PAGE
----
I needn't go into Taiwan's old Japan links, and the mutual love affair between the two nations. But the Huang piece referenced above points out that Japan-mania has been followed by Korean-mania, widely accepted across Asia for the same reason that Japanese culture was: it is a hybrid of modernity and Asian-ness, slickly marketed and tweaked for local conditions. Korean marketers, noting Japanese success, deliberately copied Japanese marketing approaches. Huang notes:
If strategic hybridism means adapting foreign cultures to the local context, Taiwanese hybridism makes the local culture look ‘foreign’ – that is, Japanese and Korean. There have been sporadic criticisms of Taiwan fawning on Japan and Korea, but calls for boycotts have been rare. Four mechanisms contribute to Taiwanese acceptance of all things Japanese and Korean: (1) the marketing of Japanese and Korean culture industries, (2) the promotion of Japanese and Korean popular cultures by local media, (3) business practice in Taiwan and (4) transnational tourism. These factors emphasize consumption, but they are also relevant to cultural production.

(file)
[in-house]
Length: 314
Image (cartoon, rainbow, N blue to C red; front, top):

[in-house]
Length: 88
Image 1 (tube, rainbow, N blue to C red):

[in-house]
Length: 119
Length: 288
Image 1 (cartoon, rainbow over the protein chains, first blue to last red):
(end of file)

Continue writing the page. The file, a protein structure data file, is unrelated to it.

What? No China identity issue? Say it ain't so!

All this stuff is easily accessible on the Internet, which is why The Economist couldn't find it. Because it already knew the answer: China.
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Unknown said...

I'm sure I remember reading somewhere that Chinese reject Hello Kitty as being 'too Asian'.

Michael Turton said...

Thats interesting, wouldn't surprise me.

Anonymous said...